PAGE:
Despite economic crisis rippling around the world, Microsoft Co-Founder and Chairman Bill Gates is pushing countries to continue foreign aid efforts to poor and developing nations, saying that every dollar of aid "makes a huge difference."
Gates, co-chair of the Bill & Melinda Gates Foundation, traveled to Capitol Hill last week to make his case to members of Congress, who are grappling with major budget cuts while debating greater investments to spur job creation.
"They do have a tough constraint," Gates told "This Week" anchor Christiane Amanpour after his meetings in Washington. "And so the question of should these monies that help the poorest, that enhance national security, should they be cut more than other things? Should they be cut equally? Or should they be preserved?"
"I'm reminding them that every dollar makes a huge difference," Gates added.
Gates will present a plan at the G-20 Summit next week in France calling on the wealthiest countries to continue their aid efforts, despite austerity measures being taken around the world.
"If we really look at how the world's improved in the past few decades, it's very impressive how we've reduced poverty, reduced malnutrition, reduced the under five death rate," Gates said. "And we need to take lessons, the generosity, the innovation, and carry that forward despite the fact we have this economic crisis."
Gates said that despite general opposition to foreign aid, Americans have remained "very generous" on efforts to supply AIDS drugs and malaria bed nets to out-risk nations overseas.
"They're very excited that the U.S. has been the leader in both of those areas," Gates said. "And they're pretty surprised when they find out that it's less than one percent of the federal budget going to aid very broadly, where these high impact health programs are just a portion of that."
Gates said current foreign aid promises are at risk as focus turns to budget cuts and making greater investments and "nation-building" at home.
"There's a question, as you do that, the U.S. lead role in helping the very poorest, get them vaccines and those things, should you do your nation-building by causing more of those people to die or should you maintain at least at the level you promised," Gates said. "And that's really at risk right now."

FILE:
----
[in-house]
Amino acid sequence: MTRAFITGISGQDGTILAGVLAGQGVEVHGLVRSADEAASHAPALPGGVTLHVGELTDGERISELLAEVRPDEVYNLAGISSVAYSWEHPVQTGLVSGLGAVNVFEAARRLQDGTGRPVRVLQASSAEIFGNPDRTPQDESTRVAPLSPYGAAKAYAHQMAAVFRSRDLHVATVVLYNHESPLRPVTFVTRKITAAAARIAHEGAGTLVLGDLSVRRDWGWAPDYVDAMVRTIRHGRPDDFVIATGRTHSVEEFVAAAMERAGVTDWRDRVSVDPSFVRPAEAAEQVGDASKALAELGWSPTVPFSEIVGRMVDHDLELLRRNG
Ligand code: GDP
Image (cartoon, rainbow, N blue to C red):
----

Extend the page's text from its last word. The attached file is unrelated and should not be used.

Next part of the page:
Gates dismissed the idea of class warfare overtaking the United States, saying efforts to increase the amount of taxes the richest Americans pay are worth debating.
"I just can't imagine these millionaires and billionaires going down and barriciding (sic) the streets because they're going to have to pay four or five percent more in taxes," Gates said. "There certainly is a case to be made that taxes should be more progressive…That's being debated by various people."
Gates did not commit support to President Obama's proposed "Buffett Rule," named after billionaire investor and Gates friend Warren Buffett, which would raise taxes on the wealthiest one percent.
He did say he supports the principle of raising taxes on the wealthy, even if it is not enough to solve deficit problems.
"I'm not an expert on how we should do taxes. Clearly, you can't raise the taxes we need just by going after that one percent," Gates said. "Yes, I'm generally in favor of the idea that the rich should pay somewhat more. But to really deal with the deficit gap we're talking about, that alone just numerically is not going to be enough."